Is Aerobic Exercise Effective for Asthma Patients?
Although the benefits of aerobic training are well-established, the impact of training on the clinical management of bronchial asthma remains controversial. While exercise may be of great benefit to patients with chronic respiratory diseases, such patients tend to show less tolerance to exercise - and this may be especially true with children who suffer from chronic diseases such as congestive heart failure, COPD and bronchial asthma.
These chronic patients often encounter limiting factors which contribute to a rather sedentary lifestyle.
A study of 42 asthmatic children (8-16 years of age) evaluated the effectiveness of aerobic exercise in managing asthma symptoms. Clinical evaluation, spirometric tests, symptom-limited maximum exercise testing and exercise challenge tests were performed before and after aerobic exercise (by the exercise group) or two months apart (by the control group). Aerobic training consisted primarily of sessions on a cycle ergometer, three times per week for two months (10-15 minutes of warmup/stretching, 30 minutes cycling, 5-minute cooldown).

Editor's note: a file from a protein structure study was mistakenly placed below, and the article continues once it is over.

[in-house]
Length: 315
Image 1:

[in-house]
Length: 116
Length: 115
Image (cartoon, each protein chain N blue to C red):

Clinical scores and occurrence of exercise-induced bronchiospasm (EIB) did not change after aerobic training and did not differ between the two groups; however, aerobic improvement was associated with a significant short-term reduction in medication scores and use of inhaled and oral steroids. Less-fit asthmatic children were able to normalize aerobic fitness under supervision without complications.
The authors admit that exercise-based management of asthma remains controversial, but hope that further research will help determine which profile of childhood asthma may be most likely to respond to exercise therapy.
Neder JA, Nery LE, Silva AC, et al. Short term effects of aerobic training in the clinical management of moderate to severe asthma in children. Thorax